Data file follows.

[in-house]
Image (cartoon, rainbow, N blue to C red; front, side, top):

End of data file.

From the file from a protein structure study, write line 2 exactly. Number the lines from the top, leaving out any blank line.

Image (cartoon, rainbow, N blue to C red; front, side, top):